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Treat the name of Jesus with respect: Bishop Boyce

By Sarah Mac Donald - 19 January, 2015

Bishop-Philip-Boyce-460x306The Bishop of Raphoe has criticised the frequency and careless way people use the Name of Jesus calling for it to be treated with greater respect.

In a homily, Bishop Philip Boyce said it is “sad” to hear the Name of Jesus being used unheedingly, “at times as a curse instead of a blessing, in uncultured and rough language”.

He strongly criticised its use in public as “offensive” and added, “If used over the airwaves in a reckless manner, a person would have to apologise”.

The bishop warned that the words and the names we use are important. “We honour a person if we use his name with respect.”

He explained that to say that bad language is only words, and that they mean nothing, is not true.

“The disrespectful use of a name dishonours another person,” he said. “To honour the Holy Name is to honour Jesus; to profane his Name is to offend the Lord himself.”

Referring to Scripture, he recalled that when the Apostles were beaten and then released from prison, Scripture said “they left the presence of the Council, rejoicing that they were counted worthy to suffer dishonour for the name” (Acts 5: 41).

“They had preached Christ and his message. They suffered on account of his Name, that is, on account of Christ Jesus himself.”

Elsewhere in his homily, Bishop Boyce said that all religions honour the sacred name of their God and hold it in veneration.

The Jews regarded the name of the God who revealed himself to Moses on Mount Sinai as a name that was so exalted that it was not to be pronounced, and they began to use a different name, Adonai, meaning Lord.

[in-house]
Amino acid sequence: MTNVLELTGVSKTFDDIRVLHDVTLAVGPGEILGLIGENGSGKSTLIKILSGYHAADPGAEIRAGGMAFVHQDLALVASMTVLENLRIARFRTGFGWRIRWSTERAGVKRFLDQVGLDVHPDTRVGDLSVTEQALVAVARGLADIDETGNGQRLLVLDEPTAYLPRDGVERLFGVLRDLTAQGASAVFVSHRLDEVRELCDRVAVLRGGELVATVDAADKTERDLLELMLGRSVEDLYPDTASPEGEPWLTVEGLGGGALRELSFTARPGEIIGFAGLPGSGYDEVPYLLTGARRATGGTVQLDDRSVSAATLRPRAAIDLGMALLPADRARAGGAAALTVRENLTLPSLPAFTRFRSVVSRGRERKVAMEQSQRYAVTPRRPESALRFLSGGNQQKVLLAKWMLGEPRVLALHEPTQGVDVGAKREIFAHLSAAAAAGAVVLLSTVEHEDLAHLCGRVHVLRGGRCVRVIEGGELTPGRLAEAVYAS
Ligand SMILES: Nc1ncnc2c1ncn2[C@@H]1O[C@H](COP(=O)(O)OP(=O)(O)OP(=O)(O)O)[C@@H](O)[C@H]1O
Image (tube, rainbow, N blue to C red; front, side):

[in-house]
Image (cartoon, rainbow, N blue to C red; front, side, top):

He added that Muslims do not allow the name of their great prophet, Mohammed, to be profaned in any way.

The bishop also referred to the Commandments which prescribes respect for God’s name: “You shall not take the name of the Lord your God in vain” (Ex. 20:7).

“This commandment governs our use of speech in sacred matters and forbids every improper use of the names of God, of Jesus, of Our Lady and the Saints,” he warned.

He said the Catechism also tells the faithful that deliberately to use the name of God or of Jesus with hatred and reproach is to sin gravely.

“Irreverence for God and his Holy Name and for sacred matters is at times present in certain sectors of society. This is embarrassing and painful for believers but not merely for them. “People of goodwill can be as dismayed as men and women of faith at the departures from decency in speech and the disregard for the holiness of God’s Name” (Irish Catholic Catechism for Adults, p. 392).”

The bishop underlined that Christians, too, should keep holy the Name of Jesus, the Son of God, and not use it in a heedless or offensive manner or as an expression of anger or hatred, or simply to emphasise a point.

“For some people it becomes a habit, so that they no longer notice that they are taking the Name of Jesus in vain. And, yet, they are not completely unaware of the words they use, for if a priest happens to come into the company, you could hear them say; ‘Excuse the language, Father’. But it is with the Lord himself they should excuse themselves and from him ask pardon.”

Dr Boyce highlighted that in the prayer taught to us by Jesus himself, the first petition addressed to God is one that asks God’s name to be kept holy: ‘Hallowed by thy Name’. This is a very reverent and discreet way of asking God to make sure that his holy name is not profaned by us. We have to do our own part by maintaining deep respect for the Name of Jesus, and using it as a prayer rather than a curse.”

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